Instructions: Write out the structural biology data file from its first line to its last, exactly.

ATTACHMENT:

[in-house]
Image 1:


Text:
[in-house]
Image 1: